As far as England and Australia are concerned the Test Match calendar remains incomplete while one of their oldest rivals, South Africa, remains in the cold through apartheid. The break came in cricket over the refusal in 1968 by the South African Prime Minister, Mr. John Vorster, to accept Basil d'Oliveira, a Cape Coloured, as a member of the M.C.C. team. Strides in a sensible direction towards solving these difficulties seem to have been made during the tour of South Africa by Derrick Robins' team just before Christmas. This was the second successive winter tour there by Mr. Robins and an account with scores of the first will be found further on in the Almanack. The second finished too late for inclusion in this edition.
For this second venture a party of nineteen included Younis Ahmed (Pakistan) and John Shepherd (West Indies) and two Australians, John Gleeson and Bruce Francis, together with Leslie Ames, the Kent manager and a member of the Cricket Council. They met no difficulty from one end of South Africa to the other. Invitations to functions were always collectively to the team who stayed together in the best hotels. They went to parties and barbecues, and were entertained by the Mayor and Corporation of Cape Town, Durban, Johannesburg and Port Elizabeth and there was never the slightest embarrassment.
Shepherd and Younis were two of the big successes of the tour and the team returned home under the impression that there is a big change of heart taking place in South Africa towards all cricket players irrespective of race, colour or creed. This tour certainly demonstrated that the Government policy requires to be changed and there seems little doubt, now, that it will be changed. Another hopeful sign is the formation of a joint cricket council by the Bantu South African Cricket Board and the White South African Cricket Association and one waits to see more progress towards multi-racial cricket which would then lead to the coloured Board of Control also joining the Council and opening the way for South Africa coming back into world cricket.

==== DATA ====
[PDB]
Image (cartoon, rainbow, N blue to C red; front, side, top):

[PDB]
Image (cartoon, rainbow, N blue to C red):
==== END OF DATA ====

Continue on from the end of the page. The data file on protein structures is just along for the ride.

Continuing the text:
The season in New Zealand ( 1972-73) provided two exceptional bowling feats concerning pairs of brothers. At Lancaster Park, Christchurch, during the Christmas period, the Hadlee brothers, Dayle and Richard, playing for Canterbury, took nine Otago second innings wickets. Then at the New Year at Eden Park, Auckland, the Howarth brothers, Hedley and Geoff of Auckland, took eight Otago first innings wickets.
One recalls two notable feats by the Bedser twins. Playing for Surrey against Yorkshire at Bradford in 1947, they shared fifteen wickets in the match, Alec taking four for 18 and three for 59; Eric four for 15 and four for 47. Two years later against Middlesex at Lord's they again shared fifteen wickets, but on a different basis. Eric took seven for 99 in the Middlesex first innings but he did not bowl in the second when Alec, nought for 55 in the first innings, came up with eight for 42.